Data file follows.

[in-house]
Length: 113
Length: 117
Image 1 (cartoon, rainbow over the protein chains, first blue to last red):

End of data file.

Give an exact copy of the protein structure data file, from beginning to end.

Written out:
[in-house]
Length: 113
Length: 117
Image 1 (cartoon, rainbow over the protein chains, first blue to last red):